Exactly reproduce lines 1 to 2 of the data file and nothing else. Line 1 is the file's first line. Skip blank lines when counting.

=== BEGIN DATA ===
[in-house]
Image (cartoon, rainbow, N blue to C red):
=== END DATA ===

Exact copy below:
[in-house]
Image (cartoon, rainbow, N blue to C red):